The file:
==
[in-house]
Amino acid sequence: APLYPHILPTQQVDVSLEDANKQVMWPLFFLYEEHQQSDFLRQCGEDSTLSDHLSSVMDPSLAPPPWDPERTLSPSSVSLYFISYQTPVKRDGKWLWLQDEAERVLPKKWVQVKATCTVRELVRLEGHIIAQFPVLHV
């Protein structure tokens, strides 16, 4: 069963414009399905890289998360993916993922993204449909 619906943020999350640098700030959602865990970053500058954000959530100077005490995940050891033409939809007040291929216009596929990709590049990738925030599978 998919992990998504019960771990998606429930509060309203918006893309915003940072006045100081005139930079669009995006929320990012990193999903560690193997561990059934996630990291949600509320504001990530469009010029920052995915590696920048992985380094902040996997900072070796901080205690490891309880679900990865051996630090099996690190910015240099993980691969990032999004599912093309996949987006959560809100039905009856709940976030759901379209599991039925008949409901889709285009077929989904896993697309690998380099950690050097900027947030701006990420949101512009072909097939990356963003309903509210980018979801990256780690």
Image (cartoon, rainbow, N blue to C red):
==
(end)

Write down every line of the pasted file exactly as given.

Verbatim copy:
[in-house]
Amino acid sequence: APLYPHILPTQQVDVSLEDANKQVMWPLFFLYEEHQQSDFLRQCGEDSTLSDHLSSVMDPSLAPPPWDPERTLSPSSVSLYFISYQTPVKRDGKWLWLQDEAERVLPKKWVQVKATCTVRELVRLEGHIIAQFPVLHV
């Protein structure tokens, strides 16, 4: 069963414009399905890289998360993916993922993204449909 619906943020999350640098700030959602865990970053500058954000959530100077005490995940050891033409939809007040291929216009596929990709590049990738925030599978 998919992990998504019960771990998606429930509060309203918006893309915003940072006045100081005139930079669009995006929320990012990193999903560690193997561990059934996630990291949600509320504001990530469009010029920052995915590696920048992985380094902040996997900072070796901080205690490891309880679900990865051996630090099996690190910015240099993980691969990032999004599912093309996949987006959560809100039905009856709940976030759901379209599991039925008949409901889709285009077929989904896993697309690998380099950690050097900027947030701006990420949101512009072909097939990356963003309903509210980018979801990256780690």
Image (cartoon, rainbow, N blue to C red):